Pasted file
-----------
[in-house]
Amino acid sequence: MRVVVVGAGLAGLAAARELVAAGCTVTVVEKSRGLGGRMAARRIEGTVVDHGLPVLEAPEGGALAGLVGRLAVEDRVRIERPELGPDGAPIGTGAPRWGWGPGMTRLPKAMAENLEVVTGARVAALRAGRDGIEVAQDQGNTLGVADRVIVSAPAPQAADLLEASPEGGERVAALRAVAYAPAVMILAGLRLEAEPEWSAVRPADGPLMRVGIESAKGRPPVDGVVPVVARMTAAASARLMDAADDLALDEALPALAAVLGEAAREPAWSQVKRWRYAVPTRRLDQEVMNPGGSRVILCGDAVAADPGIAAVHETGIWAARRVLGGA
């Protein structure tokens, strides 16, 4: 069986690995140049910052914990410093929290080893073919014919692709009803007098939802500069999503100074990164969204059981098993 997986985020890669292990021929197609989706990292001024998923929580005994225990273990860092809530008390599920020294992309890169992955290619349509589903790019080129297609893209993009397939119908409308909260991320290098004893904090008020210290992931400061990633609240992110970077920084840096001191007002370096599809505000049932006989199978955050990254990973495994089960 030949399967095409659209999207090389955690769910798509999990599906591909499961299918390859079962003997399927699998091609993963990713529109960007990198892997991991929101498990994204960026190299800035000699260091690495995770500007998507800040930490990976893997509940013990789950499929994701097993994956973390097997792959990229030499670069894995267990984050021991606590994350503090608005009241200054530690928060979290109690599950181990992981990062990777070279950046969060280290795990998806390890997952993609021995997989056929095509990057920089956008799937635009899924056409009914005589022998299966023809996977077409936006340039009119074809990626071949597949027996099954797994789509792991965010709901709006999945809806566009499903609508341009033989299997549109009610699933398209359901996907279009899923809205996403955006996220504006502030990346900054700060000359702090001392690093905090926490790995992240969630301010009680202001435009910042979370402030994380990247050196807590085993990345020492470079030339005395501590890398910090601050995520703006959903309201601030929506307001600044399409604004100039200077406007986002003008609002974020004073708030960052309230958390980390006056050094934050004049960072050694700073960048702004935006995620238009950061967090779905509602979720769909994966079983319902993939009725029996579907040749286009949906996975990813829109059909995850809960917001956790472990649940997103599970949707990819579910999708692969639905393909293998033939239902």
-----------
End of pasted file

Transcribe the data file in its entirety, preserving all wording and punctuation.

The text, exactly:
[in-house]
Amino acid sequence: MRVVVVGAGLAGLAAARELVAAGCTVTVVEKSRGLGGRMAARRIEGTVVDHGLPVLEAPEGGALAGLVGRLAVEDRVRIERPELGPDGAPIGTGAPRWGWGPGMTRLPKAMAENLEVVTGARVAALRAGRDGIEVAQDQGNTLGVADRVIVSAPAPQAADLLEASPEGGERVAALRAVAYAPAVMILAGLRLEAEPEWSAVRPADGPLMRVGIESAKGRPPVDGVVPVVARMTAAASARLMDAADDLALDEALPALAAVLGEAAREPAWSQVKRWRYAVPTRRLDQEVMNPGGSRVILCGDAVAADPGIAAVHETGIWAARRVLGGA
């Protein structure tokens, strides 16, 4: 069986690995140049910052914990410093929290080893073919014919692709009803007098939802500069999503100074990164969204059981098993 997986985020890669292990021929197609989706990292001024998923929580005994225990273990860092809530008390599920020294992309890169992955290619349509589903790019080129297609893209993009397939119908409308909260991320290098004893904090008020210290992931400061990633609240992110970077920084840096001191007002370096599809505000049932006989199978955050990254990973495994089960 030949399967095409659209999207090389955690769910798509999990599906591909499961299918390859079962003997399927699998091609993963990713529109960007990198892997991991929101498990994204960026190299800035000699260091690495995770500007998507800040930490990976893997509940013990789950499929994701097993994956973390097997792959990229030499670069894995267990984050021991606590994350503090608005009241200054530690928060979290109690599950181990992981990062990777070279950046969060280290795990998806390890997952993609021995997989056929095509990057920089956008799937635009899924056409009914005589022998299966023809996977077409936006340039009119074809990626071949597949027996099954797994789509792991965010709901709006999945809806566009499903609508341009033989299997549109009610699933398209359901996907279009899923809205996403955006996220504006502030990346900054700060000359702090001392690093905090926490790995992240969630301010009680202001435009910042979370402030994380990247050196807590085993990345020492470079030339005395501590890398910090601050995520703006959903309201601030929506307001600044399409604004100039200077406007986002003008609002974020004073708030960052309230958390980390006056050094934050004049960072050694700073960048702004935006995620238009950061967090779905509602979720769909994966079983319902993939009725029996579907040749286009949906996975990813829109059909995850809960917001956790472990649940997103599970949707990819579910999708692969639905393909293998033939239902």